Hornets overpowered by Clippers: Takeaways from Charlotte’s narrow loss to LA

Melissa Melvin-Rodriguez/mrodriguez@charlotteobserver.com

It was there for the taking, dangling in front of them like a sweet treat ready to be gobbled up.

And that’s what made the whole ordeal difficult for Steve Clifford to stomach.

With the Hornets still shorthanded thanks to all their injuries and LA Clippers at full strength for the first time in weeks, the bulk of the 13,945 in attendance at Spectrum Center on Monday night probably didn’t think they would be on their collective feet with mere seconds remaining. But there they were and the Hornets had them thinking this may be their night — until things unraveled in the waning seconds in part because they couldn’t corral a loose ball.

“Biggest possession of the game,” the Charlotte Hornets coach said, “we got two hands on it and they take it away. That’s the game.”

A stinging 119-117 loss to the LA Clippers could have been averted had the Hornets swiped a rebound with just under 40 seconds remaining. Instead, the Hornets allowed Kawhi Leonard’s offensive putback to tie the game, and Leonard ripped their hearts out by sinking an 18-footer with 1.4 seconds left to hand the Hornets their third loss in four games.

“It’s just one rebound that decided the game,” Kelly Oubre said. “It’s been the same story a couple of nights. Just one rebound. We get this one rebound and we secure possession of the ball and the game is in our hands, instead of giving this team — a great team — a second opportunity to put in a miss that was a good look.”

Physicality is lacking for the Hornets (7-17) and an obvious obstacle they have to overcome.

“You’ve got to hit somebody,” Clifford said. “It’s our biggest problem. The nights where we’re physical, we’re fine. The nights where we’re not physical, it doesn’t work. We’ve got to hit people. That’s it. That’s it.”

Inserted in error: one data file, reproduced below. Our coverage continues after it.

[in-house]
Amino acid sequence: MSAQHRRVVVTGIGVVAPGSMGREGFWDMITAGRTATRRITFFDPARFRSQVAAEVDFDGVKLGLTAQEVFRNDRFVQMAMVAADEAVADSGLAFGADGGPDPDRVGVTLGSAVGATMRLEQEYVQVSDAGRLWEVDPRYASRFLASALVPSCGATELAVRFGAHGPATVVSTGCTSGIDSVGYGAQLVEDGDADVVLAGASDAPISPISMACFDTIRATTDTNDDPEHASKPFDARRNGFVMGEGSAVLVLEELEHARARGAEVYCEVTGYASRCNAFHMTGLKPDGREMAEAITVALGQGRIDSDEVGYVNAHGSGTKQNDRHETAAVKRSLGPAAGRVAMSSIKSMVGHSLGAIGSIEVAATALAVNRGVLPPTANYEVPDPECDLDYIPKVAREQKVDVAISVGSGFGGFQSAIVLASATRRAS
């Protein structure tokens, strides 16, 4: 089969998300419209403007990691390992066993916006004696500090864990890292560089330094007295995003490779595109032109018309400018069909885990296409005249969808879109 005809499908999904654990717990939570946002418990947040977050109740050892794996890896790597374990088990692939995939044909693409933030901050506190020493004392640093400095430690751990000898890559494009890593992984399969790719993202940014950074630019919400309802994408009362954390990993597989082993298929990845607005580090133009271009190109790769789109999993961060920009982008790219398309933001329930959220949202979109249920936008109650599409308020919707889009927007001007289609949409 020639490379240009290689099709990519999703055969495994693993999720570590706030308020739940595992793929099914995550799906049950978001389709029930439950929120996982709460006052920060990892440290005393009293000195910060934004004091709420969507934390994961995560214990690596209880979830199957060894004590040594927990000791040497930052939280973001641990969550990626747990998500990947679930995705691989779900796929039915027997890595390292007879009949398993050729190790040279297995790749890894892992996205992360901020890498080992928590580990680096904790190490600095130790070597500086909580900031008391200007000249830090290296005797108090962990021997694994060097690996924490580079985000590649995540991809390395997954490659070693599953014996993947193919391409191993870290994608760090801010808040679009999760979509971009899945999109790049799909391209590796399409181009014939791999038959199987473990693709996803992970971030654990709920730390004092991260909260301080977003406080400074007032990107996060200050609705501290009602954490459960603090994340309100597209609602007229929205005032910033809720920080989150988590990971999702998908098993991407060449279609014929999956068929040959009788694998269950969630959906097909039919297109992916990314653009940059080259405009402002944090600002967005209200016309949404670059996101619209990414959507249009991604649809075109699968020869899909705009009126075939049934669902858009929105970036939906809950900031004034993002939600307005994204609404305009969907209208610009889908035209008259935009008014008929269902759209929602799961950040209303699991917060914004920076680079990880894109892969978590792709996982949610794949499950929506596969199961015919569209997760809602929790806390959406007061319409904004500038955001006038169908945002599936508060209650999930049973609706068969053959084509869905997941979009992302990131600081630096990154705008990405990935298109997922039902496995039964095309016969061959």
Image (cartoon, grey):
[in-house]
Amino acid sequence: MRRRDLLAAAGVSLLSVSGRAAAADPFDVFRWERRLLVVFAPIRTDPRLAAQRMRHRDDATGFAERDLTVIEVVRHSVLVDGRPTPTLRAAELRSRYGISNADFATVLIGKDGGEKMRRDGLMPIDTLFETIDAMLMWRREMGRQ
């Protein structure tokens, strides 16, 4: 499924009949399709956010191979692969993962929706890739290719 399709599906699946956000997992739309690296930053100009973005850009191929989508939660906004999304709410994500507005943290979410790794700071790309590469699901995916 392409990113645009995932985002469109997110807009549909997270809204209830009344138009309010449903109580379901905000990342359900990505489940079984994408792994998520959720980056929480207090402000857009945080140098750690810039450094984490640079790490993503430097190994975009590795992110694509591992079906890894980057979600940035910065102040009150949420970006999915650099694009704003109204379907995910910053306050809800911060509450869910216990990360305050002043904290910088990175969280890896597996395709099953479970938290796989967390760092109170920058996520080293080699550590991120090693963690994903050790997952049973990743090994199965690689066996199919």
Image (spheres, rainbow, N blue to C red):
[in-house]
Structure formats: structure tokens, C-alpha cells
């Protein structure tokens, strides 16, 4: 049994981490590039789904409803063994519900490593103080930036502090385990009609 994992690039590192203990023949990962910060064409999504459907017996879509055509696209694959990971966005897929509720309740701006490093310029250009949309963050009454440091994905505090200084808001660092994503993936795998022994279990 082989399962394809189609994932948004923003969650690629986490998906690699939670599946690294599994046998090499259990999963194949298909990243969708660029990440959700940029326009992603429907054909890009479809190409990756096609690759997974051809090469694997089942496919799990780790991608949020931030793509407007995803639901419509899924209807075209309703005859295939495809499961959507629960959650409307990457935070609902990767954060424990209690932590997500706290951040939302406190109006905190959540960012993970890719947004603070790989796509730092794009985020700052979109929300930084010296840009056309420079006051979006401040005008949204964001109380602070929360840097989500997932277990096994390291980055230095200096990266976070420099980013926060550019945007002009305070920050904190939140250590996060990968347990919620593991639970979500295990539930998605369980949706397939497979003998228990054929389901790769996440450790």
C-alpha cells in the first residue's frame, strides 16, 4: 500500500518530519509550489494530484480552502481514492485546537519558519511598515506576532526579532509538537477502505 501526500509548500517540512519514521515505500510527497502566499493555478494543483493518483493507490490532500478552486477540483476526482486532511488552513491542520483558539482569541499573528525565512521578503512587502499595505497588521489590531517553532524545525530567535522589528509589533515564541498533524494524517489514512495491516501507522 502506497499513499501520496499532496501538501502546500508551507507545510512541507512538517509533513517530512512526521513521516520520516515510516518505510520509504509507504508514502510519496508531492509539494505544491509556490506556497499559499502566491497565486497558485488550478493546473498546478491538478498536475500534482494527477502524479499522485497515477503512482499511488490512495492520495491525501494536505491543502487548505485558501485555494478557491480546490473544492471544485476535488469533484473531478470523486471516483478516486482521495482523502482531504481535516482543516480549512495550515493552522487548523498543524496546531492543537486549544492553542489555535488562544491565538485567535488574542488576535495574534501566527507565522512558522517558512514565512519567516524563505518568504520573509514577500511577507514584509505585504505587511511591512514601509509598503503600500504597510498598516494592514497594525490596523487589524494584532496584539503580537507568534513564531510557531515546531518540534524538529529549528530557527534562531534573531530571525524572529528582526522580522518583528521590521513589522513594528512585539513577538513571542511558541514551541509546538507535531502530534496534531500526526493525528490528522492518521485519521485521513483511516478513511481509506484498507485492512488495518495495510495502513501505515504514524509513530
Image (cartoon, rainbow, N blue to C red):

Here are some key takeaways from the Hornets’ latest defeat:

Can’t close out

Ever notice how the Hornets often have trouble closing out possessions? It’s one of their main issues and it usually has a direct result on their overall rebounding numbers.

Although the final numbers don’t tell the full story, those rebounding woes were prevalent once again and the Clippers took advantage of their height disparity inside with Ivica Zubac and Terrance Mann. The Clippers also had a clutch offensive rebound on the game-tying possession in the closing moments.

Digging deeper into their woes cleaning the glass, the Hornets are cheating too much trying to get cheap fast break buckets rather than focusing on the most important task: collecting the ball after it caroms off the rim.

“It’s something that we’ve been talking about every day,” Terry Rozier said. “It’s obviously killed us the last two years. We’ve just got to make sure we key in. It’s all effort, I think we’ve all been leaking out a little bit too much, so we’ve just got to make sure we stay in and make tough effort plays.”

Clifford chuckled when asked how much he’s drilled that into the players’ heads.

“I’ve mentioned it once or twice,” he said. “That’s a big part of the NBA now. Can you offensive rebound and get back? Last year we were 28th in defensive rebounding, now we’re 23rd. It’s crushing us. It’s not small. And like I told them this morning, I could have made an edit yesterday morning when I was in here of every guy on the team leaking out. We do it on every shot and it’s crushing us. It’s not like some small thing.

“It’s not like you’re out here and this is the way we practice. This isn’t college. You can’t be doing blockout drills to me or anything like that and nor do you have to. What it does show (is) we don’t have the buy-in necessary and we don’t have natural defensive rebounders, so there has to be a change. Like real change.”

Not enough in reserve

Keeping pace with the Clippers’ bench was a difficult proposition for the Hornets.

In getting doubled up by Los Angeles’ bench 50-24, the inability to match their opponent’s reserves haunted the Hornets. It stems from all their injuries and what Clifford has to work with.

“If you have a great team, sometimes you can play with only one starter in the game,” Clifford said. “With the roster we have here presently right now, we need to have at least two starters in the game. And it’s hard to do that without playing those guys huge minutes.”